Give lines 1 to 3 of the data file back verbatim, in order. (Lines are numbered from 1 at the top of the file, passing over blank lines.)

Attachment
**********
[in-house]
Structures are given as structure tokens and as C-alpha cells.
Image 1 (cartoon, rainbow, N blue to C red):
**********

[in-house]
Structures are given as structure tokens and as C-alpha cells.
Image 1 (cartoon, rainbow, N blue to C red):